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Florida Power of Attorney

Written by on Sep 29, 2011| Posted in: General

THE POWERS AND LIMITATIONS OF POWERS OF ATTORNEY, AND CHANGES TO FLORIDA STATUTE 709 AS OF OCTOBER 1, 2011:  PART I. Nearly all men can stand adversity, but if you want to test a man’s character, give him power.  Abraham Lincoln Recent legislation has conformed Florida’s Power of Attorney Statute 709 to the Uniform Power of Attorney Act, with certain modifications, in an attempt to achieve greater consistency among the 50 states and Washington D.C.  On May 4, 2011, the Florida legislature passed Senate Bill 670, on June 21, 2011 the Florida Power of Attorney Act was signed into law by Governor Scott, and it became effective October 1, 2011.  Florida Statute 709 applies to powers created by individuals (with four exceptions), and does not apply to powers created by entities or corporations.  Florida Statute 709 applies to all Powers of Attorney used in Florida and governed by Florida law.  […]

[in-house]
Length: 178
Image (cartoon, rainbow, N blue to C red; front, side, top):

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Florida Inheritance Disputes

Written by on Sep 19, 2011| Posted in: Probate Litigation

Quite frequently, as an inheritance lawyer who handles lawsuits with last will and testaments and codicils, I am asked questions regarding Florida inheritance disputes and the procedures for proving a lost or destroyed will. To establish and probate a lost or destroyed will, the specific content of the will must be proved by the testimony of two disinterested witnesses or, if a correct copy is provided, it must be proved by one disinterested witness.  In one court case involving a Florida inheritance fight, a lawyer provided a copy of the missing will to the court and presented a disinterested witness who testified that it was a correct copy.  Even though there was conflicting testimony by the other witness (who stood to gain if the will was rejected) that the will was later revoked by the decedent, the Court still found the lost or destroyed will could be admitted to probate. […]

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The Trustee’s Duty to Inform

Written by on Sep 15, 2011| Posted in: Trust Litigation